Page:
Our latest equity outlook details how some market observers have taken heart from the impending end of the US Federal Reserve’s rate rising cycle. However, it is only once the US economy starts to slow that the Fed can be expected to begin cutting its policy rates. That slowdown will likely hurt corporate profits and, therefore, equity markets. Against this backdrop, we see US – and European – equity indices underperforming those for emerging markets, which, by contrast, stand to benefit from China’s reopening. US growth stocks, however, may benefit from lower interest rates.
Alongside high market volatility over the last year (see Exhibit 1), investors have had to grapple with ‘narrative’ volatility. The unprecedented and lingering disruptions of Covid lockdowns and re-openings have made it challenging for investors to construct a narrative that explains — at times contradictory — economic data and market moves. Over just the last few months, we have swung from anticipating an economic soft landing to renewed overheating to stagflation to a hard landing.
One reason for the lack of narrative longevity has been the inability to ‘believe’ the data. Government statistical agencies have struggled to apply seasonal adjustment factors to normalise data when these times are anything but normal. Revisions have been unusually large.
These problems, which also impact central bank policy, are the result of the violent economic shock of the pandemic. Moreover, the return of inflation ended the 50+ year bull market in fixed income, meaning many post-1980 historical correlations are suspect.
The resulting uncertainty can be seen in the dispersion of S&P 500 companies’ earnings-per-share (EPS) estimates, which has surpassed the levels seen in the Global Financial Crisis (GFC) and Covid lockdown periods (see Exhibit 2).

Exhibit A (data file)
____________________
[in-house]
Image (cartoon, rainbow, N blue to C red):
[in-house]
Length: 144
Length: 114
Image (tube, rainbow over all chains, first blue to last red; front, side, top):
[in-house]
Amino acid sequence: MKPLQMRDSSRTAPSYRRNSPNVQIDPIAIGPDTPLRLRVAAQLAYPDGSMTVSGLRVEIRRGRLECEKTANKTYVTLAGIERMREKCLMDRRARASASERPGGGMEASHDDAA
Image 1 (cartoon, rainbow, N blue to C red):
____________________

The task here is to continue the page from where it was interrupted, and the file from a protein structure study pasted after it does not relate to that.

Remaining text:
Nonetheless, investors must have an outlook, even if currently the confidence around that view is low and must be continuously validated against the data as it is released.
The key determinant for returns in the US and Europe this year will be if, when, and how deep any recession turns out to be. We believe that without a slowdown — which we see beginning in the second half of the year in the US and eurozone — inflation will not return to central bank targets.
Core inflation remains high and is accelerating in the eurozone and decelerating only slowly in the US. The recent turmoil in the banking sector will aid central banks insofar as it slows growth and hence inflation, but is unlikely to be enough on its own.
Consequently, we anticipate policy rates will rise more than markets expect. Barring a much more significant sell-off in risk assets, the Federal Reserve (Fed) cannot afford to swerve from its focus on inflation. As a result, with interest rates staying higher for longer and liquidity continuing to decline, further surprises for markets are probable.
US – Has a recession been priced in?